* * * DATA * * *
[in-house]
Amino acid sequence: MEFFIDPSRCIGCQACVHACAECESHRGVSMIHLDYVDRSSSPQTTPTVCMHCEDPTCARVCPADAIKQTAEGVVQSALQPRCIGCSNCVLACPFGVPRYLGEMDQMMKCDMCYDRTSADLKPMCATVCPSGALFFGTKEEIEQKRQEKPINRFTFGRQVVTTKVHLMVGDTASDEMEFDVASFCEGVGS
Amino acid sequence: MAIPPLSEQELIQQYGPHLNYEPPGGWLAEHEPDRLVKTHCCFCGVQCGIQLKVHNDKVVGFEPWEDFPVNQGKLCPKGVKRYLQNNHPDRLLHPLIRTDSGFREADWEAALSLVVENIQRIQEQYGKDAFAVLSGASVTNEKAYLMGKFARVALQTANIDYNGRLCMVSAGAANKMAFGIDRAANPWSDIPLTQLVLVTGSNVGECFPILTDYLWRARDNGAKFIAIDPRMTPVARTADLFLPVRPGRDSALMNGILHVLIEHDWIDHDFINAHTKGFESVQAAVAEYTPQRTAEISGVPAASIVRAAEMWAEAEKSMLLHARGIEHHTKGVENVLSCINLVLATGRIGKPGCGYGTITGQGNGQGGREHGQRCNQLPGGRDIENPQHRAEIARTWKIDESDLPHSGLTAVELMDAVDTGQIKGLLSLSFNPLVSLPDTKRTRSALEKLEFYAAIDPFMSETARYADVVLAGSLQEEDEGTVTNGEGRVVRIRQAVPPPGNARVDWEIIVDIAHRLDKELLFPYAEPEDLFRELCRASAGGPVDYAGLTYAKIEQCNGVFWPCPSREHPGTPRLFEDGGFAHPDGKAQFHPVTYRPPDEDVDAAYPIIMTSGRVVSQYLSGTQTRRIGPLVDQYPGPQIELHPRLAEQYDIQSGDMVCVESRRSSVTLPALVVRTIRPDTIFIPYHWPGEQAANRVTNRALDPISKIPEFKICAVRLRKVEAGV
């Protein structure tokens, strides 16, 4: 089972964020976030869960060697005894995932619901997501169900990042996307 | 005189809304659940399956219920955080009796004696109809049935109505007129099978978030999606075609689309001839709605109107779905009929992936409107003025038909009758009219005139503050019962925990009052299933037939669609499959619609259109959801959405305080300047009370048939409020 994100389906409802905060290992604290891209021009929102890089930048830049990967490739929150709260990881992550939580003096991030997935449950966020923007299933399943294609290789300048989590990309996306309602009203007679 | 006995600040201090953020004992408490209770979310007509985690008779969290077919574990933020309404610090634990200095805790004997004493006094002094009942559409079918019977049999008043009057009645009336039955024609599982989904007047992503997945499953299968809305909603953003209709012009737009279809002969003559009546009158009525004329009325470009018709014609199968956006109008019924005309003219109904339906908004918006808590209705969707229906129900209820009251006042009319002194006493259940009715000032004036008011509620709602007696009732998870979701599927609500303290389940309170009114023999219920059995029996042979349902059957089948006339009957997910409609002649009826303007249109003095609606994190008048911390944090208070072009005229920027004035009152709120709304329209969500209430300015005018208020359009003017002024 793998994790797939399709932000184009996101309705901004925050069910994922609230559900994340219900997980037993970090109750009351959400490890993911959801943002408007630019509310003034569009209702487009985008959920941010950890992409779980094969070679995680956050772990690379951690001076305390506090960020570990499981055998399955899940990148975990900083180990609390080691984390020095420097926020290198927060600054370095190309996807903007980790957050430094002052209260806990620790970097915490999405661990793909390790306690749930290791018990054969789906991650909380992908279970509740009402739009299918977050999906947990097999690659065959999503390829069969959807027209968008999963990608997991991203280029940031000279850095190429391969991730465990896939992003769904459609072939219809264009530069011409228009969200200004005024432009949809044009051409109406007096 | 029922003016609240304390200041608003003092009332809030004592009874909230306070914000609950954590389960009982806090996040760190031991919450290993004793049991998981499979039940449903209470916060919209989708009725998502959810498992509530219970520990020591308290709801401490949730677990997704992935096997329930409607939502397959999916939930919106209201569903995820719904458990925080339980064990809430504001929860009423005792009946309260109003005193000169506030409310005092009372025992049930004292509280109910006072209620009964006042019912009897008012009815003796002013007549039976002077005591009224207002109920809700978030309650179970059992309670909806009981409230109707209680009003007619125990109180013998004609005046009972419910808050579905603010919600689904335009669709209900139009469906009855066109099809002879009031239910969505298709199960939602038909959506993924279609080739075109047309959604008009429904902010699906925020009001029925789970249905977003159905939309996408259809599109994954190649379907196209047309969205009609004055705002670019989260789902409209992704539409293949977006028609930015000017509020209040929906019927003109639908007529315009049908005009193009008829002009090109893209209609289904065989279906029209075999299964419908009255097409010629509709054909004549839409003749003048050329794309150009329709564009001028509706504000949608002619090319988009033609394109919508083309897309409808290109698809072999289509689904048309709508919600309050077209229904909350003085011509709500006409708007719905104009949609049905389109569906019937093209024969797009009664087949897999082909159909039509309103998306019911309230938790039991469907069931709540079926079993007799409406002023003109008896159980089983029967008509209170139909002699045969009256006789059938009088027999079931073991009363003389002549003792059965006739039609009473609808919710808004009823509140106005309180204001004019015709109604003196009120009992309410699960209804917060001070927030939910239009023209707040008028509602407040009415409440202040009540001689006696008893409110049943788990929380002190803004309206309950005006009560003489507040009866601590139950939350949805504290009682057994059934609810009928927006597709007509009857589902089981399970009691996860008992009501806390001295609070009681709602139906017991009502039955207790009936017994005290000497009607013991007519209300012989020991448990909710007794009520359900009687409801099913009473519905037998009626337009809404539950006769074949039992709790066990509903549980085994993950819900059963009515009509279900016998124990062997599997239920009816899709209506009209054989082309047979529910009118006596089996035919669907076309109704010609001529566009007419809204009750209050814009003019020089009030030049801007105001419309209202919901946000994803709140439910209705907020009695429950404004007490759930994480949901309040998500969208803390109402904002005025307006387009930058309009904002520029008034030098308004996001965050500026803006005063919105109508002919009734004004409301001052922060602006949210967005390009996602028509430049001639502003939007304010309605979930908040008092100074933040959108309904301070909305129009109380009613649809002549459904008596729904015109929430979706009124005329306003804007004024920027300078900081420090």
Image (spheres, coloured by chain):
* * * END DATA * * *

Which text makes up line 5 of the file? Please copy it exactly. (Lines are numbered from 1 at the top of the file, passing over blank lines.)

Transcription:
Image (spheres, coloured by chain):